This inexperienced group will have to encounter a challenging non-conference schedule to endure that the precious RPI index won't hinder them when the NCAA selection committee determines who will be invite to the Big Dance in March.

"Right out of the gates we will be tested by fire when we play at New Mexico and then play UAB at home the first week of the season," Sendek pointed out. "If you look at our schedule, there's not a breather in it. I think that's what our program really needs at this point as we continue to try to move forward and advance."

Finishing second in the Pac-10 last year, the Sun Devils will again face fierce competition when they begin league play. Sendek admits that that Pac-10 got off to a slow start during the 2009 campaign but has started to make noise on a national level.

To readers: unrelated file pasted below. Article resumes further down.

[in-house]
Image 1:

"I think the Pac-10 will once again be very competitive, balanced and wide open," Sendek stated. "The difference between most teams will be nothing, maybe a bank shot from three-quarter court at the end of the game to decide it. I think the league will be really good but my bias not withstanding, I thought it was better than it was nationally given credit last year and once the nation got an up close look at Washington and Cal in the tournament, more people concurred. We just as a league didn't get off to as good of start with a number of key players on teams missing in action early in the season."

Senior, Jamelle McMillan is a player whose impact is not always accurately described through statistics. The 6-2 guard has an immense knowledge of the game he plays, proving him with the versatility and leadership that drives his team to success. Averaging 6.6 PPG last season, McMillan will return for his last run in the maroon and gold.